I think that I’d like to see more people learn the basics of security and backups for WordPress. A lot of tutorials and presentations emphasize more on leveraging WordPress as a tool for their business, but I see and hear people at the conferences and at my local meetup, express how they wished they learned more about basic security, backups, and even site maintenance.

Who’s doing things that are just cutting-edge and incredible in the WordPress space right now?

A lot of people in the WordPress world are doing cutting edge and incredible things right now. Team Yoast, GiveWP team, GoDaddy Pro team, Bluehost team, Liquid Web/Nexcess team, and many more are companies to follow. They are giving back to the community, and providing a lot of time in helping people use WordPress to its fullest potential.

Describe the WordPress community in one word.

What’s the one thing you’d like to change about WordPress?

I think the biggest thing to change I’d like to see is education on adjusting attitudes to be more positive in the community. We’re a community that is inclusive and dedicated to helping each other, but there’s been a glaring problem with elitism in specific areas, that perhaps might be an ego issue. You can’t attract friends in the community or clients with a poor attitude.

What’s the main threat to WordPress these days? Other platforms like Ghost, or maybe things like Squarespace?

I’m really not sure what the threat is, honestly. When we think of WordPress as being #1, do we mean as a whole, or or versus other platforms. Either way, there’s no threat. I’ve converted other CMS and platforms over to WordPress. I’ve even converted other eCommerce solutions over to WooCommerce. The only thing that is holding WordPress back, is improving how we educate the end user. In 17+ years, we’ve come far, but we can do better.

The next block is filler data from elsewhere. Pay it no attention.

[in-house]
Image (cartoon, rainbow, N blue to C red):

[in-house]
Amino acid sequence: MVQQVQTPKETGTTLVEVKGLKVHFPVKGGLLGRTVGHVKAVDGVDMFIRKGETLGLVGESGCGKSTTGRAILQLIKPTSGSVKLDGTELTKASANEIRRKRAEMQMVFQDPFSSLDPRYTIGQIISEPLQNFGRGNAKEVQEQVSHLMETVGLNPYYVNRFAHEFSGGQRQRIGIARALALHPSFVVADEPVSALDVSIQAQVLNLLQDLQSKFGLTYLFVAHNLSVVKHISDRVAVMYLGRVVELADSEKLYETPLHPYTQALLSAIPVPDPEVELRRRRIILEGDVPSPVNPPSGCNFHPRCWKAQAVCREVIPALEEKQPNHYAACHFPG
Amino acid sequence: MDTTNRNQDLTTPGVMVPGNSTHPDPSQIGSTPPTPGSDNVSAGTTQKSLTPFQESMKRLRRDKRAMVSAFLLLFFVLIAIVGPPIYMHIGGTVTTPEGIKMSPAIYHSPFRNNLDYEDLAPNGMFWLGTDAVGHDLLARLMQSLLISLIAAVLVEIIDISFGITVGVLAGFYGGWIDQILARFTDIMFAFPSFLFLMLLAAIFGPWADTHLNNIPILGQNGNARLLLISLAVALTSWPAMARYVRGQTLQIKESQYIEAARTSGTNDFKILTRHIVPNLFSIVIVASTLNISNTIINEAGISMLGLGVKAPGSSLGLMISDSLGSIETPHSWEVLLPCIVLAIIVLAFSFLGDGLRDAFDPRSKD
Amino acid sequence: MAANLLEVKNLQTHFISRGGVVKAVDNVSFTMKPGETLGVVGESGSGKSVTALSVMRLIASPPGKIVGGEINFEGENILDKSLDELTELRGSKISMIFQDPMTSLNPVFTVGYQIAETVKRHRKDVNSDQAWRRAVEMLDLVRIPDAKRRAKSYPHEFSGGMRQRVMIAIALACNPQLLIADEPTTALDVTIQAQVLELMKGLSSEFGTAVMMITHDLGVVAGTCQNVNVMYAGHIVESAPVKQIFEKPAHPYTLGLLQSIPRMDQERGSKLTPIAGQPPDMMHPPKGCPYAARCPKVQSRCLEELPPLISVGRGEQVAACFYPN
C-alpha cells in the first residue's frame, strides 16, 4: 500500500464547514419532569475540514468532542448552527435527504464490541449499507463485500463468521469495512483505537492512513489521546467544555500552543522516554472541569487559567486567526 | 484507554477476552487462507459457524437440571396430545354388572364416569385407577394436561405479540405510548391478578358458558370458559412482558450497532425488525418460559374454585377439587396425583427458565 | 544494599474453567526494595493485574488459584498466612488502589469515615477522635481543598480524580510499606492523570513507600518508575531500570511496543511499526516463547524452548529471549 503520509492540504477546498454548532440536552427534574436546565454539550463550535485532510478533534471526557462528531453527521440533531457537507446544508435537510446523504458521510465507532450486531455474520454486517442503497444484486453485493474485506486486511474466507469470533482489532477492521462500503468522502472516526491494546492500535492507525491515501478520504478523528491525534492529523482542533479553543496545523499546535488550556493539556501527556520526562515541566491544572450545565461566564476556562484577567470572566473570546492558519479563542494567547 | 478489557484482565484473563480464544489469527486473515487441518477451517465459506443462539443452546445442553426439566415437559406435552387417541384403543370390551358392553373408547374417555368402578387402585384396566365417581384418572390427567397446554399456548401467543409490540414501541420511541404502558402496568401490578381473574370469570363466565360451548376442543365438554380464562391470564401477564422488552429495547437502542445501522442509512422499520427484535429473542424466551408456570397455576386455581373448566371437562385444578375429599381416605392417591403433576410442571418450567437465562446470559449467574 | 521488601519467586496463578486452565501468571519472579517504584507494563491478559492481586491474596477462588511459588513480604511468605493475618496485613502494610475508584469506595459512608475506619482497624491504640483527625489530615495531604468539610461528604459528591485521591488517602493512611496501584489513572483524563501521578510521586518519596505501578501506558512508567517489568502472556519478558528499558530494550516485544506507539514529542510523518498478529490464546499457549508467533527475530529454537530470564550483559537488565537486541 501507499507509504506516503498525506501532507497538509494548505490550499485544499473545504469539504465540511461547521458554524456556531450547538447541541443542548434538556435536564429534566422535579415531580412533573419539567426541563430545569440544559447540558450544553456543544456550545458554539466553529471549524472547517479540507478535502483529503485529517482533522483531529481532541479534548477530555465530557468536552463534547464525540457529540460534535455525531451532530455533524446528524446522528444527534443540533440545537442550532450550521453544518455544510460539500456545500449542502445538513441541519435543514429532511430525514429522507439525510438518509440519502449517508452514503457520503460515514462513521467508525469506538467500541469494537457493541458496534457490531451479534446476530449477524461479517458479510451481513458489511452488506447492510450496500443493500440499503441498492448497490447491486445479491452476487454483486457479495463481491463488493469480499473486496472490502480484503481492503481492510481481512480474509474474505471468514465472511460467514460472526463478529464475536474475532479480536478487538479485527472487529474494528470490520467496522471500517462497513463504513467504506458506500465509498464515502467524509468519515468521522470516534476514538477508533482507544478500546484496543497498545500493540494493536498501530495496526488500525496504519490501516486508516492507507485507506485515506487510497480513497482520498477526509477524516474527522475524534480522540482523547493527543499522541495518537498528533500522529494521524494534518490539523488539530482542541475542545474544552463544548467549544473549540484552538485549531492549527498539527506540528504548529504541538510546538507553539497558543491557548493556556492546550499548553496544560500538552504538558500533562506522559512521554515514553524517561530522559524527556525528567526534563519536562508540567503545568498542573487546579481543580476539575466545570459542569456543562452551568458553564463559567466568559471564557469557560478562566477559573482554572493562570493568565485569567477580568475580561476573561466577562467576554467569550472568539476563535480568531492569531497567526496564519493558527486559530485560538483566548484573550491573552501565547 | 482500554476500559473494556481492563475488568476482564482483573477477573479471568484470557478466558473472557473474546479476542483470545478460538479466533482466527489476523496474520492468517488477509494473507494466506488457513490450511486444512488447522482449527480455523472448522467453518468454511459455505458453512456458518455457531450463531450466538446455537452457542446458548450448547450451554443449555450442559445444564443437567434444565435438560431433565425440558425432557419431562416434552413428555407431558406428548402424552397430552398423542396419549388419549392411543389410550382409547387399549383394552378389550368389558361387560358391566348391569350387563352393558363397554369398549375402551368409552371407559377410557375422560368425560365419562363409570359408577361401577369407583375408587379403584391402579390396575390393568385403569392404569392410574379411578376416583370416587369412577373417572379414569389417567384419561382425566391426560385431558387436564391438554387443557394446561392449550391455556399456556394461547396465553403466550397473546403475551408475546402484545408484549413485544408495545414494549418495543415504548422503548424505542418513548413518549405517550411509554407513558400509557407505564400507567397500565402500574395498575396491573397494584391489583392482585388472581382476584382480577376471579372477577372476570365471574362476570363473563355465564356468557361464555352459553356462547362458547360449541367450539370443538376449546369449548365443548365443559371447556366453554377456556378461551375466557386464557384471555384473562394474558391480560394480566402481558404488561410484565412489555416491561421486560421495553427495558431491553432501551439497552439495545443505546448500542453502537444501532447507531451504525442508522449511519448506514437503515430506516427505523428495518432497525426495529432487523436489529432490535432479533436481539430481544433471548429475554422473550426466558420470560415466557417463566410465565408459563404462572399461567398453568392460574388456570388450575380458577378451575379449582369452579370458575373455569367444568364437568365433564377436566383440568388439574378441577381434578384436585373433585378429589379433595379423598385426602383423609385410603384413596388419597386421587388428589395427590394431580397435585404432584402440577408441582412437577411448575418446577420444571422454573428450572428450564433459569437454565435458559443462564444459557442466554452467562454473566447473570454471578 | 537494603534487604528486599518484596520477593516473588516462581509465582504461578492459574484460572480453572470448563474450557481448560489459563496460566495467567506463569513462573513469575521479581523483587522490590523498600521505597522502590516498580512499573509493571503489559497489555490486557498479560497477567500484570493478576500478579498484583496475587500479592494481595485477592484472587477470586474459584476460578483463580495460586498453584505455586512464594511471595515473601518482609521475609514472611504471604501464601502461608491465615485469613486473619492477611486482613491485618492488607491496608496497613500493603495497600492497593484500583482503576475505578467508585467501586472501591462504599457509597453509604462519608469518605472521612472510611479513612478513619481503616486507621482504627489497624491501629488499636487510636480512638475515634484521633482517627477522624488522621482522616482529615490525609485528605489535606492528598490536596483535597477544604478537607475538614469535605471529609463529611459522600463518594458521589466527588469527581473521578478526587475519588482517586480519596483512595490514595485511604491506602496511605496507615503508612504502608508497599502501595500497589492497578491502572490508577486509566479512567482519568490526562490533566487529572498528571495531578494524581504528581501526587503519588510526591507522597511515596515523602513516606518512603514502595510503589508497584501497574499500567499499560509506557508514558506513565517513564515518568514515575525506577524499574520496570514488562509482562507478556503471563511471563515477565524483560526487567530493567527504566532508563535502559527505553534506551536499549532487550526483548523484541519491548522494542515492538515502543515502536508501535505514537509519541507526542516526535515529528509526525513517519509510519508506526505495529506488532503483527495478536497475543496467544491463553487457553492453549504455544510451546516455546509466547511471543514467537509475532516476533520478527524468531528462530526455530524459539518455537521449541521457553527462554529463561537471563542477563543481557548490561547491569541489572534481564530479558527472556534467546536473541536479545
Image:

What are your recommendations for a WordPress novice?

For the WordPress beginner, I recommend getting your WordPress site up with a good foundation. And yes, I’m going to shamelessly plug my WordCamp Presentations, Creating a WordPress Website that Works from the Start, Practical SEO for WordPress Bloggers (generally most content creators), and also Make Money With WordPress for Bloggers as all of these are extremely useful and chock full of everything a beginner needs to get going.

All of these have solid tips, plugin recommendations, and more. I put a lot of effort, and probably, of all of my presentations (as I have a lot), are the ones I’m most passionate about.

How do you see the evolution of WordPress compared to 17 years ago, when you started using it? Is it on the right track?

WordPress has come a long way. I’ve seen it start as a regular blog platform, and experienced seeing post types and custom menus added. The WordPress admin has changed quite a bit. As for whether I think WordPress is on track, I don’t know. If you mean, the code, I guess yes, but the web accessibility side needs to be worked on. If you mean, in learning, I think we’re a bit behind, considering we’ve got a lot of people willing to present at WordCamps, but a lot of them don’t present at local meetups or want to hold workshops to attract new users.